I am delighted to be here today for the Financial Services Ireland Annual Lunch.
The Government value the important role that the financial services industry plays in the Irish economy. It is a very significant employer in today’s economy, with a total of over 51,000 working in the sector, of which over 17,000 are engaged in providing wholesale or international services. I am pleased to see that the sector’s contribution to employment continues to be robust, both in terms of direct employment and within its related services. An encouraging feature of the development of the industry in recent years is the extent to which financial service businesses are locating in areas outside the traditional hub of the industry - central Dublin. Apart from its direct contribution to economic activity, the sector is a vital cog in the economic wheel. The protection, banking and investment services provided to hundreds of thousands of personal and business customers are indispensable in our modern economy.
That report, published in September last, concluded that there are still excellent opportunities to grow and develop the following sectors:
The proviso was that we continue to be innovative and develop appropriate skills and expertise. A flexible, responsive and business-focused regulatory system has been the cornerstone of
I would like to echo the words of the Taoiseach who, speaking at the launch, said: “It is important that we continue to innovate and develop our current position. To do so will need a comprehensive strategy with commitment from the public and private sector to ensure its effective delivery."
Our regulatory environment is a key component both of our competitiveness and of our international reputation. My predecessor, Mr Charlie McCreevy, gave a commitment to simplify and consolidate the financial services legislation and I am happy to honour that commitment. The Central Bank and Financial Services Authority of Ireland Acts of 2003 and 2004 put in place a new regulatory architecture, based on the conclusions of the McDowell Report. The purpose of the forthcoming consolidation Bill will be to bring together in a single, modern legal text, all of the primary legislation governing the regulation of the financial services sector, providing a comprehensive legal framework for achieving the Government’s objectives in relation to consumer protection and financial stability; but in a way that does not impose a disproportionate burden on industry.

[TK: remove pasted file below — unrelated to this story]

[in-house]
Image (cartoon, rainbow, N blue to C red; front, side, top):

Following on from an informal updating and consolidation of the existing legislation which was published on the Department of Finance website, my Department launched a public consultation process in September last. Comments were invited particularly as to whether the Bill should lay down general regulatory principles applicable to all sectors, or continue with a modified version of the present sector-based approach. In addition, views were sought as to whether and how the overall burden on industry, arising from the current legislative structure, might be reduced, while still ensuring effective regulation and consumer protection. Finally, respondents were asked to consider the balance between the provisions of the proposed Bill and the requirements laid down by the Financial Regulator.
I am very pleased with the response to the public consultation process. It has resulted in the Department receiving in total some 24 submissions, from a variety of interested parties. I would like to offer my thanks to this organisation for its constructive input to the deliberations. I would hope to publish the new Bill later this year.
I would now like to say a few words about the Finance Bill that is currently going through the Oireachtas. I want to record how much I value the work of the Irish Financial Services Tax Group, which my Department chairs, in framing the changes being planned for the Budget and the Finance Bill.
In the Budget, I announced my intention to reduce the rate of Companies Capital Duty from 1% to ½% and this change is in the Bill which recently completed Second Stage in the Dáil. This measure should ensure that we remain competitive and assist in attracting high value-added business to
In addition, I am introducing measures that will clarify the tax treatment of Common Contractual Funds, a new type of investment vehicle that will be created in legislation by the Department of Enterprise, Trade & Employment this year. This is in response to opportunities in the area of asset pooling that have been identified by the Funds industry. The new scheme will be subject to certain conditions and safeguards of the Revenue Commissioners, in order to ensure it is adequately supervised.
Thank you very much for your attention. I hope that I have touched on some of the main issues that were of interest to you. I look forward to an ongoing constructive relationship with this key industry.
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